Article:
Neuroplasticity and Depressive Disorder
Depressive disorder is associated with decreased neuroplasticity and decreased concentration of glutamate , which is a neurotransmitter of arousal.
Some monoamines act on secondary messengers – mitogen- activated protein kinase , contribute to the normalization of neuroplasticity and glutamate content . Some drugs cause an increase in glutamate secretion, act on synapsogenesis, and improve mood (eg ketamine). But the effect is short-lived.
Electroconvulsive therapy and antidepressants at the cellular level cause an increase in the expression of neuroprotective proteins – the neurotrophic factor BDNF, which promotes neuronal life and regulates synaptic connections.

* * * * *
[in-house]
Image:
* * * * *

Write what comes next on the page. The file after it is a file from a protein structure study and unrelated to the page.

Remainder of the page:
In experiments on rats, electroconvulsive therapy and antidepressants increase the secretion of neurons in the dentate gyrus of the hippocampus and reduce the effects of the action of the hypothalamic-pituitary-adrenal axis in depression.
In post-traumatic stress disorder, antidepressants restore the limbic system and the hippocampus .
But in Russian medicine, these changes are not taken into account by clinicians, like the content of glutamate and the processes of neuroplasticity in depression.
Prolonged stress reduces the volume of the hippocampus, the number of neurons, and leads to neuronal atrophy.